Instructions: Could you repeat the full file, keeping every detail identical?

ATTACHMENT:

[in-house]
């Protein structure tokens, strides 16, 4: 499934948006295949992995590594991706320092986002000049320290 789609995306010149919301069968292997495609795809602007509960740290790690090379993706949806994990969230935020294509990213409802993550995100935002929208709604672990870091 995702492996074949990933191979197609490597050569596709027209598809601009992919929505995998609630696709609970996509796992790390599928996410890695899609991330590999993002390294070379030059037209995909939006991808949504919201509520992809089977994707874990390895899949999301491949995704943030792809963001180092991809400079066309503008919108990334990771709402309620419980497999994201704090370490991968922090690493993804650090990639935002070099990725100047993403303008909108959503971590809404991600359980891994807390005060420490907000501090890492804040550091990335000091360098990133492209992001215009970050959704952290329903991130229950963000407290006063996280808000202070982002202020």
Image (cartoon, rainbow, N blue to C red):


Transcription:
[in-house]
């Protein structure tokens, strides 16, 4: 499934948006295949992995590594991706320092986002000049320290 789609995306010149919301069968292997495609795809602007509960740290790690090379993706949806994990969230935020294509990213409802993550995100935002929208709604672990870091 995702492996074949990933191979197609490597050569596709027209598809601009992919929505995998609630696709609970996509796992790390599928996410890695899609991330590999993002390294070379030059037209995909939006991808949504919201509520992809089977994707874990390895899949999301491949995704943030792809963001180092991809400079066309503008919108990334990771709402309620419980497999994201704090370490991968922090690493993804650090990639935002070099990725100047993403303008909108959503971590809404991600359980891994807390005060420490907000501090890492804040550091990335000091360098990133492209992001215009970050959704952290329903991130229950963000407290006063996280808000202070982002202020």
Image (cartoon, rainbow, N blue to C red):